Sept 7 (Reuters) – Idaho on Tuesday activated “crisis standards of care” to allow for healthcare rationing at hospitals in northern parts of the state due to a surge in COVID-19 patients requiring hospitalization.
The activation in the Panhandle and North Central health districts follows a severe shortage of staffing and available beds in those areas, the state’s health department said in a statement.
Idaho Governor Brad Little said last week he was reactivating the National Guard and directing up to 370 additional people to help hospitals as they were overwhelmed with unvaccinated COVID-19 patients. read more
Little said at the time: “We are dangerously close to activating statewide crisis standards of care – a historic step that means Idahoans in need of healthcare could receive a lesser standard of care or may be turned away altogether.”
On Tuesday, the Republican governor said: “We have reached an unprecedented and unwanted point in the history of our state. We have taken so many steps to avoid getting here, but yet again we need to ask more Idahoans to choose to receive the COVID-19 vaccine.”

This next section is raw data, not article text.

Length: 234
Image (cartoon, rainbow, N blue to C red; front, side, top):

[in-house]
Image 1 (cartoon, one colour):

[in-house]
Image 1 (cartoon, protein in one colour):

When “crisis standards of care” are in effect, people who need medical care may experience different treatment from what they expect. For example, patients admitted to a hospital may find that beds are not available or are in repurposed rooms, or that needed equipment is unavailable, the health department said.
The northwestern U.S. state has so far seen 228,093 cases of COVID-19 and recorded over 2,400 deaths from the coronavirus, according to its health department’s website. There were 1,025 new coronavirus cases recorded on Tuesday.
Over 834,000 people in the state of more than 1.8 million residents have received at least one dose of a COVID-19 vaccine, while over 744,000 people are fully vaccinated, according to government data.
Reporting by Kanishka Singh in Bengaluru; Editing by Peter Cooney
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